#Occupy our Billboard

December 24, 2011

Clay Nelson

Christmas Eve/Day     Luke 2:1-14

Video available on YouTube, Facebook

 

This sermon started out being about the relationship of the Christmas Story to the #Occupy Wall Street movement but then our billboard went up.

 

It seems to have become an annual tradition for us to create a bit of a kerfuffle around the globe at Christmas time. From press reports we are either loved or despised for doing so. I decided it would look pretty strange if I ignored the last 10 days.

 

During this time our detractors have challenged our right to be called Christians, and labeled us blasphemous publicity-seeking heretics condemned to burn in hell for all eternity for ruining their Christmas.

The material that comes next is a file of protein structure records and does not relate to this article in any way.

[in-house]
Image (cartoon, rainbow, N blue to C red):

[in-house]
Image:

It seems the crime we have committed is in suggesting that Mary might not have reacted with ecstasy on hearing of her immanent pregnancy. So exploring that charge is the sermon you get.

 

Christmas is a time of myth and magic and poetry, even at St Matthew’s. It is a time that speaks of the power of love, and through that power we call each other to visions of justice and truth and freedom and love. It is a time of rebirth and renewal. Even with all the darkness and anxiety that surrounds us, we are given reason to hope, reason to gaze deeply into the light and claim its power for our lives and for the lives of those we love.

 

The Christmas Story resonates deeply with the human spirit because at its core, it is about relationships: Parent and child, wife and husband; humans and God. It is about how we relate to each other, and how through our relationships we make beautiful things happen in the world. In the Christmas Story the beautiful thing that happens is not just due to divine initiative. It required human choice and consent.